Given my discussion of conservatism and foreign policy, I thought you might like to check out a few books that are in my library that touch on this subject. This of course no where near an inclusive list, just some books I skimmed through and re-read while thinking on this subject.
Taking up the torch of George Kennan, Pulitzer Prize winner Walter McDougall proposes nothing less than to cleanse the vocabulary of our post-Cold War debate on America’s place in world affairs. Looking back over two centuries, he draws a striking contrast between America as a Promised Land, a vision inspired by the “Old Testament” of our diplomatic wisdom through the nineteenth century, and the contrary vision of America as a Crusader State, which inspired the “New Testament” of our foreign policy beginning at the time of the Spanish-American War and reaching its fulfillment in Vietnam. To this day, these two visions and these two testaments battle for control of the way America sees its role in the world.
Ernest Lefever presents a lively march through the second half of our century. As an acute participant-observer who cares deeply about peace, freedom, and human dignity, Lefever selected the 40 most influential essays out of some 500 published pieces. These essays reveal Lefever’s transformation from a liberal pacifist to a humane realist.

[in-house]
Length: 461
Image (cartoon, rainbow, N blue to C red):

“George Weigel brings scholarship, spiritual values, and wit to the work of thinking about American foreign policy in the post-Cold War world America has helped to make. He points to difficult problems and shows the way toward intelligent solutions. Above all, he reminds us that ideas and values–including religious values–count and that American leadership can work to change the world for the better.”
Winner of the National Book Award and two Pulitzer Prizes, diplomat and scholar Kennan now steps forth with a compelling, provocative testament for our times–a brilliant look at the problems facing America today. A New York Times bestseller in hardcover.